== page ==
For a long time, it’s been thought that only mothers struggle with balancing work, family, and exercise. The truth is, that both parents really do have issues keeping their family, business and health equal.
Emily Mailey, assistant professor of kinesiology, researched how and why working parents struggle with establishing an exercise routine in her BioMed Central Public Health published study. It is unique in the aspect that it looked at the struggle of working mothers and fathers, rather than just moms.
“A decline or lack of exercise among working parents has mostly been recognized as a female issue,” Mailey told Science Daily. “The ethic of care theory- that females have been socialized to meet everyone else’s needs before their own – explains why women feel guilty when they take time to exercise, though the same principle hasn’t been studied for fathers.”
And, considering how drastically gender roles have changed over the last couple of decades, this investigation was an important step for understanding the obesity epidemic as a whole, especially as it pertains to families.
Mailey’s study, “Physical activity barriers and facilitators among working mothers and fathers,” placed both mothers and fathers into focus groups where they talked about the barriers they encounter when trying to establish a consistent exercise routine. Top barriers for both sets of parents were lack of time and guilt.
“The guilt parents feel is because they think of exercise as a selfish behavior,” Mailey said.
Though the factors that contributed to exercise barriers were very similar, Mailey said there were a few differences. For example, fathers reported their children as a barrier to maintaining an exercise routine program more than mothers, and fathers said that family-related guilt was associated with time away from their wives and children. In contrast, mothers said their biggest source of guilt came from time away from their children.
“Fathers reported guilt related to family and taking time for themselves, whereas mothers reported guilt related to family, taking time for themselves and work,” Mailey said. “[And] fathers mentioned feeling guilty about not spending time with their spouses. That really didn’t come up for the women. The men felt guilty about exercising after the kids go to bed because that could be time with their wives.”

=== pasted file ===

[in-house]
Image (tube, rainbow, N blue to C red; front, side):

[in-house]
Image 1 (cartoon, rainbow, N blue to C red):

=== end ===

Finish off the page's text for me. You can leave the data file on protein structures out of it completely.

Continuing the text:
But there was also something unique about the obstacles that mothers faced. Whereas some fathers felt they could exercise during their lunch hour, mothers reported fears of being judged by their co-workers for leaving to go and work out as well as not having the time to freshen up a bit before returning to work.
“A lot of active dads were taking time during the lunch hour or during the workday to exercise,” Mailey said. “Moms felt more guilt for taking time out of the workday to the extent that most weren’t doing it. If moms were active, they were exercising first thing in the morning.”
But, regardless of the reasons behind their barriers, Mailey says that the facilitators for establishing a consistent exercise program had a common theme. And it is this piece of knowledge that may help determine how families can best be helped in establishing and maintaining exercise routines as they raise their children.
“Regardless of their activity levels, parents view their families as the top priority,” Mailey said. “Active parents were able to see exercise as something that contributed to the good of the family and that was not at odds with being good parents. As a result, they felt less guilty about taking time to exercise and were more apt to prioritize physical activity because they valued the benefits.”
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